President Trump’s apathy to the plight of 3.4 million U.S. citizens in Puerto Rico has been apparent since Hurricane Maria devastated the island in September. He’s failed to focus consistently on recovery from the storm, and when he does discuss conditions in Puerto Rico in public remarks or on Twitter, he’s as likely to threaten or blame the island for its desperate situation as he is to offer help.
Perhaps Trump has been counting on American voters not caring much about the story, either. Puerto Ricans cannot vote in presidential elections; polls show that almost half of Americans don’t even know Puerto Ricans are U.S. citizens.
But even those in charge of American newsrooms who are aware that Maria and its aftermath is a domestic disaster did not cover the catastrophe as extensively they did Texas and Florida, hit just weeks before Puerto Rico was by massive hurricanes.
Most national media only started to pay attention to Puerto Rico after days of silence by Trump (as they jumped on the story, they seemed to forget the fact that they had also undercovered the island’s plight). When Trump started a fight with San Juan Mayor Carmen Yulín Cruz, Puerto Rico finally started to get more coverage.
An examination of over 80 print and online media coverage across the United States shows that more than 1,100 news outlets carried stories about Harvey and Irma, the two other monster storms that struck U.S. soil this hurricane season, while only about 500 carried stories on Maria in a similar time frame. Overall, Hurricane Maria received only a third as many mentions in text as hurricanes Harvey and Irma.
Data from the Media Cloud project at the MIT Media Lab shows that U.S. media outlets ran 6,591 stories online about Maria from Sept. 9 through Oct. 10 (one week before the formation of each hurricane through one week after the storm became inactive). By comparison, news outlets published 19,214 stories online about Harvey and 17,338 on Irma.
Coverage of Maria was surprisingly scarce in the first five days after the storm made landfall in Puerto Rico as a Category 4 hurricane. Despite extensive destruction, the five network talk shows on Sunday morning, Sept. 24, spent less than a minute in total covering Puerto Rico, according to an analysis by progressive media watchdog Media Matters.
Many news organizations sent reporters to the island who did outstanding work in very difficult circumstances. But the numbers show many newsroom bosses didn’t judge the story as worthy of top billing. The Sunday after Maria hit the island, the New York Times front page had no mention at all of Puerto Rico, which was set aside in favor of stories filed from Florida, Alabama and Trump’s NFL tiff.
By contrast, Spanish-language outlets Telemundo and Univision News mobilized several teams (TV and digital) to report on the island. Dozens of journalists also contributed from the main newsroom in Miami on two special projects: a map with up-to-date information about damage in the 78 municipalities on the island, and a database that compiled information on members of the Puerto Rican diaspora trying to connect with family and friends on the island.
When the media did finally start paying attention, it was sparked by political controversy stemming from tweets by Trump criticizing San Juan’s “nasty” mayor, while almost completely ignoring the dire humanitarian situation in Puerto Rico. TV coverage has fallen dramatically since Trump visited the island on Oct. 3, even though the situation on the island is still dramatic. Some are comparing Puerto Rico’s crisis to the situation of another poor community populated by another racial minority: Flint, Mich., where residents have been struggling for years to obtain clean drinking water.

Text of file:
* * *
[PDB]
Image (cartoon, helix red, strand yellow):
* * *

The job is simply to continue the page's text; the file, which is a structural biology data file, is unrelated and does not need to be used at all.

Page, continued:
According to the MIT Media Lab’s analysis, the language used to discuss Maria was far more political with several mentions of “Congress,” “Senate,” “Democrats,” “Republicans,” “debt” or “tax.” Coverage of Harvey’s floods near Houston, on the other hand, focused more heavily on the storm’s toll on people, with high usage of terms like “victim” and “family.”
That disparity in coverage wasn’t necessarily because readers weren’t responding to news about Maria, either. Using a time span of one week before the storm’s landfall and one week after its end, the average number of shares for a story about Maria on Facebook was 4,530 — partly driven by stories on relief efforts by celebrities and civil society — compared with 3,553 for Harvey or 2,818 for Irma during the equivalent time span after those storms. On Google Trends, Irma garnered far more searches than Harvey but had comparatively far fewer stories in the news.
This lack of interest for some tragedies is a long-standing reflection of how the news business works. Cultural affinity shapes media coverage. That’s why most U.S. media barely covered the floods in South Asia that took over 1,200 lives and displaced another 41 million in India, Bangladesh and Nepal, around the same time that Harvey and its floods killed 77 people in Texas.
In the case of Puerto Rico, where the main language is Spanish, the cultural gap may be one of the reasons the island is persistently undercovered by mainland media. While Hispanic America has been growing in size — representing 17.8 percent of the population now — U.S. newsrooms are not reflecting that change. Hispanics comprise only 5.5 percent of newsroom employees, according to the most recent American Society of News Editors newsroom employment diversity survey. Minority journalists of any background comprise just 16.6 percent of the workforce in U.S. newsrooms.
Perhaps with a more adequate representation in the media, Puerto Rico — and Hispanic America in general — would be more visible to the rest of the country.